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Nuclear experts arrive at embattled Ukrainian plant amid safety fears

An International Atomic Energy Agency's (IAEA) observer mission arrived at the embattled Zaporizhzhya nuclear power plant in southern Ukraine on Thursday, amid worries that the Russian invasion in Ukraine could result in a nuclear disaster.

Kiev, 1 September 2022 (dpa/MIA) – An International Atomic Energy Agency’s (IAEA) observer mission arrived at the embattled Zaporizhzhya nuclear power plant in southern Ukraine on Thursday, amid worries that the Russian invasion in Ukraine could result in a nuclear disaster.

The Ukrainian nuclear authority Enerhoatom confirmed the arrival on its Telegram channel on Thursday.

The trip is an effort to secure Europe’s largest nuclear power plant, in a country with strong memories of the Chernobyl nuclear disaster from 1986, one of the worst in world history.

The IAEA group has 14 members and wants to assess the situation at the plant, which has six reactors and a net power capacity of 5,700 megawatts. It was occupied by Russian forces in March, shortly after the invasion started. Beforehand, about 10,000 people worked there.

Underscoring the current danger, there were reports of artillery fire upon the nearby city of Enerhodar before the team’s arrival. IAEA boss Rafael Grossi said he had been updated on the risks before leaving and assured that nothing would stop them.

Kiev accused Russia of targeting the route of the IAEA group. Russia responded with accusations that Ukrainian forces had attempted a landing operation near the reactor, along the Dnipro River, which was repulsed.

Video released showed Russian helicopters above Enerhodar. Enerhoatom also reported that a reserve power supply for the plant was severed due to the shelling, resulting in one reactor being powered down.

“As a result of renewed mortar fire by Russian occupation forces at the site in Zaporizhzhya nuclear power plant, emergency protection was activated and the operating fifth reactor was shut down,” Enerhoatom announced on its Telegram channel.

Reactor number six, which supplies the plant with the necessary electricity, is still in operation.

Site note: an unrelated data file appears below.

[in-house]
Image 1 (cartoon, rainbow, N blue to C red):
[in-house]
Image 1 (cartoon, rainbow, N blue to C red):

The information cannot be independently verified. The Russian and Ukrainian sides have repeatedly blamed each other for the shelling of the plant in recent weeks.

The fighting has reached the point that the Red Cross issued an appeal urging all sides to refrain from fighting near a nuclear power plant.

“Fighting should not happen in, around, to and from a facility like Zaporizhzhya. We know what the consquences are,” said organization head Robert Mardini on a trip to Kiev, noting that it would be impossible to provide aid in a nuclear disaster zone.

Meanwhile, Russia launched a large military manoeuvre on Thursday with more than 50,000 soldiers, even as its war with neighbouring Ukraine continues.

The exercise is due to last almost a week and is being conducted in the east, thousands of kilometres from the front line of fighting in Ukraine.

Russia’s Defence Ministry said countries including China, India and Mongolia were taking part, alongside several ex-Soviet republics, including staunch Russian ally Belarus.

It provides an opportunity for Moscow to demonstrate its close relations with other countries amid severe tensions with Western nations sparked by its invasion of Ukraine.

The “Vostok 2022” (East 2022) exercise will see 5,000 military vehicles, 140 aircraft, 60 warships and other boats deployed, according to Moscow. The manoeuvre will take place at military training areas in eastern Siberia, the far east of Russia and in the Sea of Japan.

The participation of China and India in particular is of interest to the West. Relations between the two most populous countries in the world are strained since a military incident on their joint border in the Himalayas two years ago which left several dead.

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